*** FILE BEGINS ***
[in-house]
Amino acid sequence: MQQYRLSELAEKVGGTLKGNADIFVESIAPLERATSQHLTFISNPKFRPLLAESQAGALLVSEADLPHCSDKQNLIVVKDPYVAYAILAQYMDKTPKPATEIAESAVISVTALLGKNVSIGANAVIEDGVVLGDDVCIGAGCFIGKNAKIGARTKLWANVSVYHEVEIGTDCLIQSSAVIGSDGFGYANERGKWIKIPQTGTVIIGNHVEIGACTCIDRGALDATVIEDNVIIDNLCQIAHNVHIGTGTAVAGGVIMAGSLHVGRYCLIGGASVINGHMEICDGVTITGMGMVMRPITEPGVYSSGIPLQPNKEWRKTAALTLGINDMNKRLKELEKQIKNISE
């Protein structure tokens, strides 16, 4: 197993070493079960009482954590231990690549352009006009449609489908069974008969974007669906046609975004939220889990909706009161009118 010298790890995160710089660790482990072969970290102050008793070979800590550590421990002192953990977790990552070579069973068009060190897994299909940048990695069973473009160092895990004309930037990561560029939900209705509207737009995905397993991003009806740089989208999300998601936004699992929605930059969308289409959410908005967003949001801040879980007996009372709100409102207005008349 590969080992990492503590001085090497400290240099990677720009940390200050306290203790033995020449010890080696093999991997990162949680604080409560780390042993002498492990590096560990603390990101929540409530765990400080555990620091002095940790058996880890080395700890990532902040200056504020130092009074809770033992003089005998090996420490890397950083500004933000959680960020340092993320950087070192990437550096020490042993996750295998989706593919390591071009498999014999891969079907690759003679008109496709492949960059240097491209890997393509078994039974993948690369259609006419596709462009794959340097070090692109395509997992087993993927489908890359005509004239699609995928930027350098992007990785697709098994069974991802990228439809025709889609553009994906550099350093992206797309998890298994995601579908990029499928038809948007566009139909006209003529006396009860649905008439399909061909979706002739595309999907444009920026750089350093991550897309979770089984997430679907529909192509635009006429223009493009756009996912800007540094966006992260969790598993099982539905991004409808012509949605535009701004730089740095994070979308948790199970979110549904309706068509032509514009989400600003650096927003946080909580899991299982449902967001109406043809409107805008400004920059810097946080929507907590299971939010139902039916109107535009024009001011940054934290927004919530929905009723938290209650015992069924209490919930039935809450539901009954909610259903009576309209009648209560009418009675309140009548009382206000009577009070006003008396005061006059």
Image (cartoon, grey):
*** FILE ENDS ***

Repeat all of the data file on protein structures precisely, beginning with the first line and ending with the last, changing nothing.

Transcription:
[in-house]
Amino acid sequence: MQQYRLSELAEKVGGTLKGNADIFVESIAPLERATSQHLTFISNPKFRPLLAESQAGALLVSEADLPHCSDKQNLIVVKDPYVAYAILAQYMDKTPKPATEIAESAVISVTALLGKNVSIGANAVIEDGVVLGDDVCIGAGCFIGKNAKIGARTKLWANVSVYHEVEIGTDCLIQSSAVIGSDGFGYANERGKWIKIPQTGTVIIGNHVEIGACTCIDRGALDATVIEDNVIIDNLCQIAHNVHIGTGTAVAGGVIMAGSLHVGRYCLIGGASVINGHMEICDGVTITGMGMVMRPITEPGVYSSGIPLQPNKEWRKTAALTLGINDMNKRLKELEKQIKNISE
């Protein structure tokens, strides 16, 4: 197993070493079960009482954590231990690549352009006009449609489908069974008969974007669906046609975004939220889990909706009161009118 010298790890995160710089660790482990072969970290102050008793070979800590550590421990002192953990977790990552070579069973068009060190897994299909940048990695069973473009160092895990004309930037990561560029939900209705509207737009995905397993991003009806740089989208999300998601936004699992929605930059969308289409959410908005967003949001801040879980007996009372709100409102207005008349 590969080992990492503590001085090497400290240099990677720009940390200050306290203790033995020449010890080696093999991997990162949680604080409560780390042993002498492990590096560990603390990101929540409530765990400080555990620091002095940790058996880890080395700890990532902040200056504020130092009074809770033992003089005998090996420490890397950083500004933000959680960020340092993320950087070192990437550096020490042993996750295998989706593919390591071009498999014999891969079907690759003679008109496709492949960059240097491209890997393509078994039974993948690369259609006419596709462009794959340097070090692109395509997992087993993927489908890359005509004239699609995928930027350098992007990785697709098994069974991802990228439809025709889609553009994906550099350093992206797309998890298994995601579908990029499928038809948007566009139909006209003529006396009860649905008439399909061909979706002739595309999907444009920026750089350093991550897309979770089984997430679907529909192509635009006429223009493009756009996912800007540094966006992260969790598993099982539905991004409808012509949605535009701004730089740095994070979308948790199970979110549904309706068509032509514009989400600003650096927003946080909580899991299982449902967001109406043809409107805008400004920059810097946080929507907590299971939010139902039916109107535009024009001011940054934290927004919530929905009723938290209650015992069924209490919930039935809450539901009954909610259903009576309209009648209560009418009675309140009548009382206000009577009070006003008396005061006059």
Image (cartoon, grey):